St Olaf’s Church is an incredible piece of history in the centre of the old town. Dating back to the 13th century its name relates to King Olaff the 2nd of Norway. Prior to Tallinn being conquered by Denmark it was a central part of the previous Scandanavian settlement.
Up the coast from Tallinn is Pirita beach. It’s the biggest in Tallinn and is very popular with visitors. You can take a bus from the city centre to the beach or alternatively rent a car and see some other things around Estonia too.
There are shops, bars and sun loungers… although its chilly most of the year!
Where to stay in Tallinn
There are a number of accommodation options available for your 2 days in Tallinn.
My favorite place to stay is near the old town as there are many bars and restaurants to walk to in the evening. I would suggest searching hotels, hostels and AirBnB before making your decision.
Checking multiple platforms and booking in advance is the best way to get a good deal in my view.
Here are a list of a few accommodation options in Tallinn
Air BnB can be an excellent option for finding accommodation options in Tallinn
Options range from studio apartments in the centre of the city/town/village to chalet-style cabins nestled in the woods.
Tallinn Travel Tips
After my recent trip here are my best travel tips for a weekend in Tallinn.
My thoughts on Tallinn
Tallinn was one of my favourite European cities which I visited during my European road trip. What i particularly liked was the themed shops and restaurants that complimented the medieval architecture.
The prices were reasonable, even in the old town. The compact nature of the city also made it easy to walk around and see the different interesting things. I visited in early September and it was fairly quiet, even in the center.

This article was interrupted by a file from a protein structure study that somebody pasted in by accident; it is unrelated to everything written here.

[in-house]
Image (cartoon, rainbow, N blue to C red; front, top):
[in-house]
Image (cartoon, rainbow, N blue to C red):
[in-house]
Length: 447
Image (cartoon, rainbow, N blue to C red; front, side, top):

During my 2 days in Tallin, the highlight for me was the medieval-themed tavern Draakon, situated on the main square.
Costs in Tallinn
What you spend when in Tallinn depends completely on what you want to do.
Beer in local bar/pub: $5 Beer in high-end bar: $9 Cocktail: $9
How to get to Tallinn
If you catch a flight for your trip you will most likely fly into Tallinn airport, the largest airport in Estonia and a hub for the airline Nordica.
There are direct flights from many major airports in Europe but book in advance as I have found prices to vary greatly.
You can often catch very cheap flights into Riga airport (Latvia) so you may want to consider this if you have more time and turn it into a Baltic States Road Trip. Riga to Tallinn is just a 4 hour drive so you can see two capital cities!
You can get a train to Tallinn from Riga but if you are planning on visiting multiple Baltic States i would recommend doing this on a road trip as Estonia and Latvia are not part of the Interrail global pass.
The great thing about Tallinn is it’s easy to walk around; the old town is particularly pedestrian friendly. It’s a small city and whilst I was there I didn’t need to use my car, or public transport, at all.
However, reaching farther out places is possible due to an excellent network of buses, trams and trolleys.
You can buy tickets or alternatively a Tallinn card for 24,48 or 72 hours. This also allows you to enter over 40 various museums and attractions in addition to unlimited public transport.